On today's BradCast, the Presidential Primary battle between Hillary Clinton and Bernie Sanders becomes a fight over the official party platform and whether progressive reform can actually happen from within; Donald Trump wants the U.S. to torture again; and California goes to pot. [Audio link to show posted below.]
In the wake of this week's horrific terror attack at Turkey's Ataturk Airport in Istanbul, the presumptive GOP nominee Donald Trump wants to "Make America Commit War Crimes Again" as he calls for the U.S. to once again implement torture policies such as waterboarding. In the meantime, new Pew polling shows Trump's support from nation's outside of the U.S. is dismal, often in single digits. While back here at home, according to new Quinnipiac poll out today, he remains "neck-and-neck" nationally with presumptive Democratic nominee Hillary Clinton whose favorability ratings are also dismal, though not as bad as Trump's.
But as Bernie Sanders supporters quickly move toward Clinton, representatives for the two popular Democratic rivals hash out the party's official platform document to be adopted by delegates at the Democratic National Convention in July.
Salon political reporter Ben Norton joins us to discuss progress of the talks, specifically the Clinton camp's refusal to allow a demand for a $15/hour federal minimum wage mandate in the non-binding party manifesto, as well as the failure by Clinton surrogates to agree to more progressive language on a number of issues, from Israel to fracking to trade policies.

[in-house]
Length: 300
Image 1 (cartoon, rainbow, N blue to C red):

Norton goes on to report that the fight between surrogates for the two candidates at the DNC Drafting Committee's platform talks echoes the long Democratic primary race, suggesting, as he sees it, that the party, ultimately, may not be able to reform from within. "You have the Sanders' appointees pushing for more progressive measures, and the Clinton appointees opposing those measures. I think in some ways, we did see some progress, but overall I think there's reason to be pessimistic for a potential Clinton presidency, given the way that this has represented itself at the DNC committee drafting," Norton explains. "It really reflects the war going on within the Progressive community."
Real progressive policy change, he argues, will require new candidates to step up at the local and state level --- even as independents or under the banner of a third party, if necessary --- to take up the fight and seek office, he notes, just as Sanders did when he initially ran for office in Vermont decades ago.
Finally today, more calls for 'Texit'! California announces that an initiative to allow the recreational use of marijuana will be on the statewide ballot this November, and Colorado finds that teen use of pot has actually fallen below the national average since the state adopted a similar policy in 2014.
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